Cranespotters.com founder Peter Zalewski is in the middle of a boat tour of the condo scene in the Miami area when he points to a couple of cranes and starts to quiz brokers about the per square foot price.
“Faena House is interesting because it has the highest pre-construction price on the market, anybody wants to take a guess what it is? $1,700? $3,500? Higher, higher. $6,430 per square foot.”
The chairman of Goldman Sachs is reportedly buying a unit, Zalewski says, but the generally high prices on Miami Beach are pushing some buyers to look elsewhere.
One area of interest was Sunny Isles, where developers were still trying to punch through the $1,000 per square foot level.
Many investor buyers were crossing the causeway to downtown Miami where Zalewski says they could find deals for $486 a square foot and rent the units out. But prices are expected to rise there, too. Hong Kong’s Swire paid $950 a square foot for the last dirt piece it bought in the Brickell area compared with $50 a few years earlier.
By contrast, developer Jean Francois Roy of Ocean Land Investments says his costs for land and construction for eight projects in Fort Lauderdale were roughly $400 per square foot. He previously developed oceanfront projects, but likes the rapid time to completion on his boutique projects in the Las Olas Isles.
His low-rise AquaVita project was recently near sellout at $525 a square foot – $1.22 million for 2,321 square feet. It may not be a high-rise, but you still get water views and can tie up a yacht outside your unit.
While the Miami area has a spurt of oceanfront, high-rise condo projects, the story is different further north where the influx of foreign buyers is less of a factor.
Fort Lauderdale has only one pre-construction oceanfront pre-sale project, Paramount Residences, according to its MLS listing.
Paramount was asking $631 a square foot for a 2,626-square-foot unit – about at tenth of the price for Faena. The unit was listed at $1.6 million.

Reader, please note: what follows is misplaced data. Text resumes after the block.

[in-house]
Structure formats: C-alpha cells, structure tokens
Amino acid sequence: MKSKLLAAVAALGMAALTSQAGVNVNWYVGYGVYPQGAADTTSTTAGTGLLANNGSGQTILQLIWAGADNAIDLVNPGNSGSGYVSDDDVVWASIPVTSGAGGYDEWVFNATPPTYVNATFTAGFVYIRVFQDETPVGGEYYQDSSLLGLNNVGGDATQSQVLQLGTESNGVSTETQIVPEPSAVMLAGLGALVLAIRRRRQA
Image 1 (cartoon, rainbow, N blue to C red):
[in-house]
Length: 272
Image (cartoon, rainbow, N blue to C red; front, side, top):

Peggy Fucci, whose OneWorld Properties has a lot of experience in South Beach, is marketing the project, and says, “We will be attracting a lot of foreign buyers. The access and flights coming in from South America to Fort Lauderdale help. It’s less crowded up here for some families. There are a lot of families that can’t buy in South Beach because they don’t have a park where they can walk with the kids.”
In Boca Raton, there wasn’t any evidence of an oceanfront pre-sale on MLS, but the recently built penthouse at 1000 S. Ocean was listed at $2,019 a square foot – $13.95 million for 6,909 square feet. The listing called it “the finest residence ever publicly offered in Boca Raton.”
A check of MLS listings didn’t find any new projects on Singer Island, a high-rise enclave north of the town of Palm Beach.
Going back to the Miami tour, the big question is whether there’s another bubble brewing just a few years after the previous one burst.
Zalewski didn’t say for sure, but he sees some worrisome signs.
Some developers are parachuting into the market with no experience. That was a sign that preceded the last bust.
Would-be buyers should pay attention to whether banks are providing financing – less than 10 projects had that status recently, but banks were reportedly getting ready to fund a spurt of projects.
Some projects planned to build with developer cash and unit buyer cash, Zalewski says.
Just like the last cycle, some projects have too many buyers who are friends and family.
“Sales may not support what success on the street indicates,” Zalewski says.
The new formula for projects calls for 40 percent deposits before construction starts, but Zalewski says he heard of one project that was only asking for 30 percent. That could leave less of a cushion if things go south.
Buyers should also pay attention to commissions paid to agents. Traditionally, brokers earned 5 percent on pre-construction sales, but some were paying 6 or 7 percent upfront, according to Zalewski.
“They are needing to sweeten the pot, and as they sweeten the pot it raises questions.” ?